The Spanish conductor and composer died in Pamplona today, he was 80. Born Rafael Frühbeck Frühbeck to a Spanish mother and German father (he adopted his professional name by including his place of birth), he began playing the violin aged seven. He studied at Madrid University, leaving at 19 for military service, and once in the army found himself conducting a military band. He later entered the Hochschule für Musik in Munich where he won the Richard Strauss Prize. He then took up a role with the Bilbao Orchestra, shortly after joining the National Symphony Orchestra in Madrid and in 1966 the Dusseldorf Symphony (until 1971).
His conducting positions include heading the Montreal Symphony Orchestra (1975-76), Yomiuri Nippon Symphony Orchestra (1980-83), Vienna Symphony Orchestra (1991-96), Rundfunkorchester Berlin (1994-2000), Deutsche Oper Berlin (1992-97), RAI National Symphony Orchestra (2002-07), Dresden Philharmonic Orchestra (2004-11) and Danish National Symphony Orchestra (2012-14). He was a frequent guest in the US and conducted the Boston SO on 133 occasions and the Philadelphia 150 times; his last conducting appearance was with Washington DC's National Symphony Orchestra in March. Last week he stepped down from the Danish NSO, revealing he was suffering from cancer and he also announced his retirement from conducting.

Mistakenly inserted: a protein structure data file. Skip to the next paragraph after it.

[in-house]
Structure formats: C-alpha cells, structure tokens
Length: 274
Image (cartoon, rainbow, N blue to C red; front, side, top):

His recorded extensively during the late 1960s and 1970s, often for EMI, where his discography includes highly praised sets of Bizet's Carmen (with Grace Bumbry), Mendelssohn's Elijah, Orff's Carmina burana, Ravel's Daphnis et Chloé. For Decca he recorded a lot of Spanish repertoire including Albéniz's Suite española in his own orchestration and a notable disc of Falla's Nights in the Gardens of Spain with Alicia de Larrocha. For Collins Classics he recorded the Beethoven symphonies with the LSO.